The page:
Following the SARS pandemic in 2003, Taylor’s University was impacted when classes had to be cancelled. As a preventive measure to safeguard the students’ health and minimise future disruptions, Taylors University made a strategic decision to invest in online facilities and training to equip all lecturers with skills to deliver lessons online. These facilities were utilized when Malaysia was hit by the haze and events that necessitated campus closure. Riding on this initiative, Taylor’s Law School had even allocated one week in each semester for blended learning where all teaching and learning would take place online for the entire week.
The lecturers had to improvise their course content, learn new tools and applications, explore new resources and go with the flow.
Online teaching offers versatility, convenience, enhanced learning and interaction and of course, reaches out to more audiences. Yes, I believe in online teaching and I stand witness that online teaching works!
In your opinion, what does it take actually to make it impactful?
Let me share with you a secret. When we gamify our lessons, learning becomes interactive, engaging and impactful.
Gamification does not mean designing video games for students to play at home. It has nothing to do with PlayStation or the use of game consoles. It is about incorporating game mechanics into our lessons. For example, when people play any type of games, they want to be immersed in the storyline and gather as many points possible and ultimately win at the end of the game. The same concept applies to gamifying learning.
What I did was introduce a point system in my online classes where the students earn points by participating and asking questions. By gamifying the lessons, students will become more interactive because they know they will be rewarded for their active contributions in class. They will also be able to keep track of their own performance in class throughout the semester. At the end of the semester, the students will be able to see their overall points acquired and they will also be awarded for their performance in my class.
To make it even more impactful, I would secure awards in the form of sponsored merchandises. In this challenging time, I have approached the Malaysia Competition Commission (‘MyCC’) to offer internship opportunities in 2021 for the top 5 performers in my class. The MyCC, being one of Taylor’s University’s MOU partners, responded positively to the innovative approach to teach law using AR and gamification. The MyCC provides an example how a regulator can take cognizance of the importance of modern learning which will produce quality graduates.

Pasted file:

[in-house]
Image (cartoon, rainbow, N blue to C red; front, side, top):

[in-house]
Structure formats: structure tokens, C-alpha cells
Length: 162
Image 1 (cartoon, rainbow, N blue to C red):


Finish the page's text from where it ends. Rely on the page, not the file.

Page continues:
How are you thriving in this new normal at the moment?
I wouldn’t say that I am thriving but I am working very hard to turn this COVID-19 crisis into an opportunity. This is the prime time where we can adapt cultural change, innovate and unbox education to unlearn what we know and relearn new things. COVID-19 pandemic has accelerated the digital transformation of higher education and hence educators must utilize this time to embrace change, reshape their interests, skills and knowledge to adapt to the new future.
What was the biggest challenge you faced when lecturing online?
I discovered that when it comes to online learning, there is no “one-size that fits all”. Despite the gamifying approach that I embedded into online learning, it impacted different students and different cohorts differently. In the last semester, where we had to suddenly shift to online learning in an ad-hoc manner, students were appreciative of the teaching styles that I implemented in class. They were actively engaged in discussion, well-prepared for class and looked forward to the end of the semester for the results of the top 5 best performers in my classes.
However, as much as I wanted to help them, there were also some students who were not enthusiastic, did not want to participate and questioned the innovative approach to learn law. This is definitely the biggest challenge that I encountered when it comes to lecturing online. But what I have learned from this experience is that for every innovative approach that I introduce, I will have to explain the bigger picture to the students on how it will assist students in the future.